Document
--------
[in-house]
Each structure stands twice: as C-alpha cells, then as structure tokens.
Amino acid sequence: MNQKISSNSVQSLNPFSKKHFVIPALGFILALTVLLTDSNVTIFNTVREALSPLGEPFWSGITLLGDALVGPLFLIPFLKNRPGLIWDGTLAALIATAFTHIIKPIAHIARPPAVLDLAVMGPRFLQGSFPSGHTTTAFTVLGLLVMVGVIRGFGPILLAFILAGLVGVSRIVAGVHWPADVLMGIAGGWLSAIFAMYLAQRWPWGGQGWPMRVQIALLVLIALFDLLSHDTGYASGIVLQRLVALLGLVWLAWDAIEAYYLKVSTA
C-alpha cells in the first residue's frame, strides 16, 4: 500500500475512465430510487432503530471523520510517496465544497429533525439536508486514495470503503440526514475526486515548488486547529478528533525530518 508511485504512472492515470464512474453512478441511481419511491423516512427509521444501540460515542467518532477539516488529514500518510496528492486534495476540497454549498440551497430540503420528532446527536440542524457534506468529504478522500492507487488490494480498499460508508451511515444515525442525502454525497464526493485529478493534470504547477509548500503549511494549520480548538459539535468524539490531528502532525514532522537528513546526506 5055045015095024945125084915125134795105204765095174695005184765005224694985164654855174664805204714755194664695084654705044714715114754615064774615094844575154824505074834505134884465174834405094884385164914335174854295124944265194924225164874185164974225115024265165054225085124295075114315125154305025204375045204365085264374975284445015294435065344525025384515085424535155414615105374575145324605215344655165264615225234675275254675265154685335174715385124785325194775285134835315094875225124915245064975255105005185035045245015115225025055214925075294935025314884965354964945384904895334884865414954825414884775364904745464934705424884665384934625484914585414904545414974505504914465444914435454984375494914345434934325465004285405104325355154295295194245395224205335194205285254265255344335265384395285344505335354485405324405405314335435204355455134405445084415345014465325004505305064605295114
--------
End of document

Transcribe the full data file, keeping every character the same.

[in-house]
Each structure stands twice: as C-alpha cells, then as structure tokens.
Amino acid sequence: MNQKISSNSVQSLNPFSKKHFVIPALGFILALTVLLTDSNVTIFNTVREALSPLGEPFWSGITLLGDALVGPLFLIPFLKNRPGLIWDGTLAALIATAFTHIIKPIAHIARPPAVLDLAVMGPRFLQGSFPSGHTTTAFTVLGLLVMVGVIRGFGPILLAFILAGLVGVSRIVAGVHWPADVLMGIAGGWLSAIFAMYLAQRWPWGGQGWPMRVQIALLVLIALFDLLSHDTGYASGIVLQRLVALLGLVWLAWDAIEAYYLKVSTA
C-alpha cells in the first residue's frame, strides 16, 4: 500500500475512465430510487432503530471523520510517496465544497429533525439536508486514495470503503440526514475526486515548488486547529478528533525530518 508511485504512472492515470464512474453512478441511481419511491423516512427509521444501540460515542467518532477539516488529514500518510496528492486534495476540497454549498440551497430540503420528532446527536440542524457534506468529504478522500492507487488490494480498499460508508451511515444515525442525502454525497464526493485529478493534470504547477509548500503549511494549520480548538459539535468524539490531528502532525514532522537528513546526506 5055045015095024945125084915125134795105204765095174695005184765005224694985164654855174664805204714755194664695084654705044714715114754615064774615094844575154824505074834505134884465174834405094884385164914335174854295124944265194924225164874185164974225115024265165054225085124295075114315125154305025204375045204365085264374975284445015294435065344525025384515085424535155414615105374575145324605215344655165264615225234675275254675265154685335174715385124785325194775285134835315094875225124915245064975255105005185035045245015115225025055214925075294935025314884965354964945384904895334884865414954825414884775364904745464934705424884665384934625484914585414904545414974505504914465444914435454984375494914345434934325465004285405104325355154295295194245395224205335194205285254265255344335265384395285344505335354485405324405405314335435204355455134405445084415345014465325004505305064605295114